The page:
After a wonderful day of relaxation, I was going to head to bed when the phone rang. I didn’t recognize the number on the caller ID so I wasn’t going to answer it, but something told me I should anyway. “Hello?” I said into the receiver. On the other end of the phone was a woman crying. “Chuck? Is that you?” She sobbed into the phone. “Yes it is who is this?” “This is your Aunt Stephie” she sobbed back to me, “Your cousin Jason and his wife were killed in a plane crash earlier today. We need you to come to the will reading tomorrow morning at 8:00 at Grime’s Law Offices.” I was stunned. Jason and I were best friends growing up. He lived down the street from me and we even went to college together until I dropped out to go work for Texaco my sophomore year. “I’ll be there.” I choked out, “Goodnight. May God be with you and answer your prayers.” With that I hung up the phone. I just went back to the living room in disbelief. I couldn’t believe Jason was dead. Ever since I dropped out of college, I kept in touch with him frequently. I knew he and his wife were going to charter a plane to take them down to the Bahamas for their wedding anniversary. He had been married happily for 6 years to a wonderful woman. They also had a son together who was now 5 if my calculations were correct. I was always jealous of Jason and his success. He came from nothing growing up just like I did, except that Jason majored in Law while I majored in Petroleum Engineering. Jason completed school and got a job with a prestigious law firm and made a shitload of money. There was one catch to that all though, he was an HONEST lawyer. Something that is very rare in today’s day and age. I must say that I respected him highly for that too. I just sat there pondering the situation for about 2 hours still in a state of shock. I finally summoned the strength to rouse myself and start heading to bed when I realized I had taken my glasses off. I didn’t realize I had done it, but apparently I had. I just didn’t know where I had put them. I groped the end table for them and even looked on the floor, but to no avail. I started to get panicky, but finally found them laying in the chair and threw them on. After I brushed my teeth and drained the lizard, I went to the bedroom and set my alarm before taking my glasses off and going to bed.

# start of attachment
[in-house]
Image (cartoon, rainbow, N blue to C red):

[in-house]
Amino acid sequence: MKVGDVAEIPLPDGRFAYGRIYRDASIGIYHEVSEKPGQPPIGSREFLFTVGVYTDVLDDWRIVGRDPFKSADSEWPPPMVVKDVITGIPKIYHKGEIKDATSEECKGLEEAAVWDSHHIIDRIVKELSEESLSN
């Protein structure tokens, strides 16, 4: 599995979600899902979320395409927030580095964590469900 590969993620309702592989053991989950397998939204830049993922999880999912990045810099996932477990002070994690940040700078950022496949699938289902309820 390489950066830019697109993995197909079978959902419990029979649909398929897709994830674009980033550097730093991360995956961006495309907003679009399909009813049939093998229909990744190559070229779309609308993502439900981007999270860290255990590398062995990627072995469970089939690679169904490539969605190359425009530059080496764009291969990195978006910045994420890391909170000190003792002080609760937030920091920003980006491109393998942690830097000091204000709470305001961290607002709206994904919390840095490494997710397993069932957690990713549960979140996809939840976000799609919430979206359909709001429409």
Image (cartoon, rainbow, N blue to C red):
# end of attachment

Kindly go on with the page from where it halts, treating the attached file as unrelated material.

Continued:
The next morning, I got up and pulled out my black suit from when my ex girlfriend died back in college. I ironed it all out and put it on. “Fits like a glove still” I thought to myself and I started heading out the door. Suddenly I realized I still had my safety glasses on. “Well damn, I can’t go to a mourning service like this.” I thought to myself and went back in to go put my contacts in. “Damn I hate these” I thought to myself as I put them.